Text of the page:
Old King Cole

Old King Cole was a merry old soul
And a merry old soul was he;
He called for his pipe, and he called for his bowl
And he called for his fiddlers three.
Every fiddler he had a fiddle,
And a very fine fiddle had he;
Oh there's none so rare, as can compare
With King Cole and his fiddlers three.

Old King Cole and Three Fiddlers

1708 version:
Good King Cole,
And he call'd for his Bowle,
And he call'd for Fidler's three;
And there was Fiddle, Fiddle,
And twice Fiddle, Fiddle,
For 'twas my Lady's Birth-day,
Therefore we keep Holy-day
And come to be merry.


An Ancient King

The nursery rhyme ‘Old King Cole’ refers to an actual ancient king. It is not quite certain which, because there are at least three different royal personages by the same name and at roughly the same time period. The name itself is of old Celtic (Brythonic) origin, originally spelled as “Coel”


A Military Commander Became King

The most probable candidate is Coel Hen (AD 350-420). At first, he was a Roman commander, governing quite vast territories in northern Britain, south of the famous Hadrian’s Wall. When the Romans left Britain in 410, after nearly 400 years of Roman rule, he became king. It has been speculated, that he was also a member of an ancient Roman family Coelius, since high officers in the Roman government usually belonged to high and noble families.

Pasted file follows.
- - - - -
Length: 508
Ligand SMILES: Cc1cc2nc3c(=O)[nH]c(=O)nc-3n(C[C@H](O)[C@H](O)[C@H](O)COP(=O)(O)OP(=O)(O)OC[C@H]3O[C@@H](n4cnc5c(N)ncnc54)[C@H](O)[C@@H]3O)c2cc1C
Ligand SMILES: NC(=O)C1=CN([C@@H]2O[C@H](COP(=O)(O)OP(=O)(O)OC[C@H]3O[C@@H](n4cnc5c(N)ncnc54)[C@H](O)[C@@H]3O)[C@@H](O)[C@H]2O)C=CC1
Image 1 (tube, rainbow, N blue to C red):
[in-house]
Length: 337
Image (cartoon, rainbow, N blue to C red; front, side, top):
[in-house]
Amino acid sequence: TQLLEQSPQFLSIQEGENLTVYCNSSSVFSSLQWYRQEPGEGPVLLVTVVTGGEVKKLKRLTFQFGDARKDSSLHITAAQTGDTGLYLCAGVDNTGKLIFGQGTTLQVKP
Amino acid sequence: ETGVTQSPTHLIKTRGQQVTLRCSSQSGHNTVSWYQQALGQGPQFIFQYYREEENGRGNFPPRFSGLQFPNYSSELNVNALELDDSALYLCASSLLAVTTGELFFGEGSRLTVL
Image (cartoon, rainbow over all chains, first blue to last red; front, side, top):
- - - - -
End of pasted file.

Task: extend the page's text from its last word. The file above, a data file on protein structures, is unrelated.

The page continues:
As smoking of pipes was not known in the fourth-century Britain, “called for his pipe” should mean he ordered some kind of a woodwind instrument to be brought. It also happens to be that “ceol” is an Irish word for music.


The Two Other Kings

The other two kings were Cole the Magnificent who in the 3rd century was the Decurion of Rome in Britannia; and St. Ceneu ap Coel, whose father was Coel Hen. St. Ceneu became a saint because he defended Christian faith against pagan invaders. Geoffrey of Monmouth's “History of the Kings of Britain”, written in the 12th century, predicates that St. Ceneu also attended the coronation of the great King Arthur.


A Cloth Merchant

Yet another interpretation was presented by William Chappell in the 19th century. He proposed an idea that King Cole could be a 12th century cloth merchant Thomas Cole-brook from Reading (Berkshire, England).


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